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Journal Article

Nephrin TRAP Mice Lack Slit Diaphragms and Show Fibrotic Glomeruli and Cystic Tubular Lesions


Ruiz,  Patrizia
Max Planck Society;

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Rantanen, M., Palmén, T., Pätäri, A., Ahola, H., Lehtonen, S., Åström, E., et al. (2002). Nephrin TRAP Mice Lack Slit Diaphragms and Show Fibrotic Glomeruli and Cystic Tubular Lesions. Journal of the American Society of Nephrology, 13, 1586-1594.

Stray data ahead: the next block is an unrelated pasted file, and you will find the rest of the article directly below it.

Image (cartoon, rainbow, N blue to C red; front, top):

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The molecular mechanisms maintaining glomerular filtration barrier are under intensive study. This study describes a mutant Nphs1 mouse line generated by gene-trapping. Nephrin, encoded by Nphs1, is a structural protein of interpodocyte filtration slits crucial for formation of primary urine. Nephrintrap/trap mutants show characteristic features of proteinuric disease and die soon after birth. Morphologically, fibrotic glomeruli with distorted structures and cystic tubular lesions were observed, but no prominent changes in the branching morphogenesis of the developing collecting ducts could be found. Western blotting and immunohistochemical analyses confirmed the absence of nephrin in nephrintrap/trap glomeruli. The immunohistochemical staining showed also that the interaction partner of nephrin, CD2-associated protein (CD2AP), and the slit-diaphragm-associated protein, ZO-1 -, appeared unchanged, whereas the major anionic apical membrane protein of podocytes, podocalyxin, somewhat punctate as compared with the wild-type (wt) and nephrinwt/trap stainings. Electron microscopy revealed that >90% of the podocyte foot processes were fused. The remaining interpodocyte junctions lacked slit diaphragms and, instead, showed tight adhering areas. In the heterozygote glomeruli, approximately one third of the foot processes were fused and real-time RT-PCR showed >60% decrease of nephrin-specific transcripts. These results show an effective nephrin gene elimination, resulting in a phenotype that resembles human congenital nephrotic syndrome. Although the nephrintrap/trap mice can be used to study the pathophysiology of the disease, the heterozygous mice may provide a useful model to study the gene dose effect of this crucial protein of the glomerular filtration barrier.